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McCain's Age and Health, and the 2008 Election

Republican presidential hopeful John McCain is in good general health and is free of skin cancer, according to a report by The Associated Press that cites the candidate's medical records. McCain's campaign is releasing his medical records today; AP reporters were granted early access to the files.

The records show that McCain has a strong heart, performs well in his annual physical examinations and is checked for skin cancer every few months, the AP reports. The files include eight years of medical history.

One vital statistic that you don't need an M.D. to understand is McCain's age: The Arizona senator is 71, older than any newly elected president. So far, his age doesn't seem to be working against him.

McCain confronted the age question head-on last weekend — not on one of the somber Sunday morning talk shows but on Saturday Night Live.

"Good evening, my fellow Americans," he said. "I ask you, what should we be looking for in our next president? Certainly someone who is very, very, very old."

The senator's comedy act was well received, even though for many voters, age is no laughing matter. More than a year ago, pollster Andy Kohut and the Pew Research Center asked voters which characteristics might make them more or less likely to vote for a presidential candidate. Few people said they'd be less likely to vote for one who was black or a woman. But half the voters told Kohut they'd be less likely to vote for a candidate in his 70s.

"A candidate in their 70s registered one of the highest 'I'd be less likely to vote for' responses — almost as high as a Muslim or someone who's never held office or someone who doesn't believe in God," Kohut says. "So the initial reaction in general terms about an older person is people are pretty upfront and say they have some reservations about it."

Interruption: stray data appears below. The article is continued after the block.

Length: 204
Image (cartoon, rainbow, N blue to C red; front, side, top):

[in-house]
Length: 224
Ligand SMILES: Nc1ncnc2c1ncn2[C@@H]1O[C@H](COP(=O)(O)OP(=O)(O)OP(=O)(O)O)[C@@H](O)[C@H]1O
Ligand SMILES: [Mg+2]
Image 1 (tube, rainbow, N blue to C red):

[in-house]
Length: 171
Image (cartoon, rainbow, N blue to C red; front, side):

But those reservations don't seem to rub off on McCain. Only about 1 in 4 voters says he is too old to be president. Kohut says that number climbs slightly to about 1 in 3 voters, but only when pollsters point out that McCain is 71.

"Which is another way of saying he doesn't look his age. Or he doesn't appear as old as he is," Kohut says.

On the campaign trail, McCain appears vigorous and energetic — although in recent months his schedule has been considerably less taxing than those of his Democratic opponents. Kohut recalls that Bob Dole's age wasn't initially seen as a big factor in 1996, when Dole turned 73. But it became more of a drag as the campaign wore on.

"Not only did people see Senator Dole as old, they began to associate him with old ideas," Kohut says.

Political satirists hope to attach the same stigma to McCain with a YouTube video that points out some of the inventions that weren't around when he was born, including Barbie dolls, credit cards, the CIA and Minute Rice.

McCain himself sometimes plays into ageist stereotypes, like when he said Thursday that he can still picture the lawmakers behind the Smoot-Hawley tariff of 1930. But on most days, he seems hipper than your average 71-year-old, joking about popular TV shows and appearing regularly with Jon Stewart. McCain can also point to his mother, who sometimes campaigns with him. Roberta McCain is still spunky and vivacious at 96.

McCain has already lived longer than either his father or grandfather. On Inauguration Day, he would be 2 1/2 years older than Ronald Reagan when he took the oath of office. Reagan, of course, went on to serve two full terms, after putting the age question to rest in a 1984 debate.

"I will not make age an issue of this campaign," he said. "I am not going to exploit, for political purposes, my opponent's youth and inexperience."

Speaking of youth, Kohut's research found most voters no less likely to vote for a presidential candidate in his 40s, like Barack Obama.

Copyright 2023 NPR. To see more, visit https://www.npr.org.

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Scott Horsley is NPR's Chief Economics Correspondent. He reports on ups and downs in the national economy as well as fault lines between booming and busting communities.